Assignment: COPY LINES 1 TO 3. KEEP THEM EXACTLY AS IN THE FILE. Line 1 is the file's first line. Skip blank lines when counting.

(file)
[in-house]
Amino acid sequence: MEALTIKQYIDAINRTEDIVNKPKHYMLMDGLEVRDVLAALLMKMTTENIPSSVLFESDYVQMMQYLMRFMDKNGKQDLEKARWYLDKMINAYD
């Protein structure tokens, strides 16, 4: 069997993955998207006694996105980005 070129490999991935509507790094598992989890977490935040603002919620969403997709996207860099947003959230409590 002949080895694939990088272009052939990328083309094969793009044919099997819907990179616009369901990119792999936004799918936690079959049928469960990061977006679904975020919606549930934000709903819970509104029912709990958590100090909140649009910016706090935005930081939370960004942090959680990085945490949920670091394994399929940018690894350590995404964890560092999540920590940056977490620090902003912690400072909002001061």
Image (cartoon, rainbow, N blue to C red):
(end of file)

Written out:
[in-house]
Amino acid sequence: MEALTIKQYIDAINRTEDIVNKPKHYMLMDGLEVRDVLAALLMKMTTENIPSSVLFESDYVQMMQYLMRFMDKNGKQDLEKARWYLDKMINAYD
């Protein structure tokens, strides 16, 4: 069997993955998207006694996105980005 070129490999991935509507790094598992989890977490935040603002919620969403997709996207860099947003959230409590 002949080895694939990088272009052939990328083309094969793009044919099997819907990179616009369901990119792999936004799918936690079959049928469960990061977006679904975020919606549930934000709903819970509104029912709990958590100090909140649009910016706090935005930081939370960004942090959680990085945490949920670091394994399929940018690894350590995404964890560092999540920590940056977490620090902003912690400072909002001061």